In her first speech as Prime Minister, Theresa May spoke of building a country which works for everyone and not just the privileged few. But despite warm words from successive Prime Ministers, it remains the case that in this country, where a person is born and who they are born to is the most likely determinant of what their life chances will be.
The Leading People 2016 report by the Sutton Trust shows that the UK's top professions remain disproportionally occupied by alumni of private schools and Oxbridge. It found that almost a third of MPs in the 2015 intake were privately educated, as are nearly a third of the FTSE 100 chief executives that were educated in the UK, as did over half of the top 100 news journalists and over two-thirds of British Oscar winners. This is despite just 7% of people being educated privately. Across every profession, the picture is similar.
This represents a lost opportunity, both for the thousands of young people who are prevented from fulfilling their potential and for the economy as a whole. To paraphrase Warren Buffett, we wouldn't choose the 2020 Olympics Team by picking only the children of Gold Medal winners from 2000. So why do we allow background and connections rather than talent to determine access into our leading professions? If we (rightly) seek to challenge companies whose employee mix does not reflect society in terms of race, sex and other protected characteristics, then should we not do the same for class?
To investigate the reality behind these shocking statistics the APPG on Social Mobility, which I Chair, launched a detailed Inquiry. During the last few months, working with the Sutton Trust, we have heard evidence from 33 figures from across law, finance, medicine, journalism, politics and the arts. Witnesses included Michael Sheen, a BAFTA-winning actor; David Morley, Senior Partner at Allen & Overy; Sacha Romanovitch, CEO of accountancy firm Grant Thornton; Dan Jarvis MP and Ben Gummer MP, Minister for the Cabinet Office.
Today we publish our findings in our Report: "The class ceiling: Increasing access to the leading professions."
What we found was that the challenges of widening access were extremely similar across the wide range of professions we heard from. Many spoke of needing to tackle unconscious bias, the lack of contextual recruitment practices, and the fact that for some employers, they just did not receive applications from highly able applicants from disadvantaged backgrounds. We also heard that informal networks and the means to finance often lengthy unpaid-internships were key factors. Anyone outside London faces an immediate disadvantage in trying to access many of the professions but in particular the arts and politics.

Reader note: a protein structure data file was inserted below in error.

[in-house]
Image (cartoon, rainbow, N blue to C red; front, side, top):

Our full report can be found here.
It raises a number of discussion points, as well as making a range of recommendations, to different industry, schools, universities and government. Our key proposals include:
- The government should develop a national social mobility strategy, linking the work of schools, universities and employers to build a real business case and practical plan for improving social mobility.
- Employers should be judged on their how successfully they promote social mobility in their organisation in the same way as is currently done for protected characteristics.
- The government should ban unpaid internships. After at most one month, interns should be paid the National (or London) Living Wage.
- Employers need to review their work experience policies to ensure access is fair and transparent, ensuring that all internships are publicly advertised to allow a more diverse range of candidates to apply.
- Building on the success of the BRIT School in London, other schools and colleges should encourage young people to develop their skills in creative pursuits, regardless of background.
- More support needs to be given to local arts groups to promote and stimulate interest in the medium, possibly through the use of pupil premium.
- Political parties should seek to have a minimum of 50% of candidates from the local area when drawing up shortlists for Parliamentary seats.
These proposals as well as the others in our report could help us to finally break the class ceiling and ensure that young people everywhere have the chance to fulfil their potential. Genuinely creating opportunity for all is a huge challenge but I hope the Government will rise to it.